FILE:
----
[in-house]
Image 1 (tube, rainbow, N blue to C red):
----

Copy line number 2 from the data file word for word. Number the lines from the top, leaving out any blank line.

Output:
Image 1 (tube, rainbow, N blue to C red):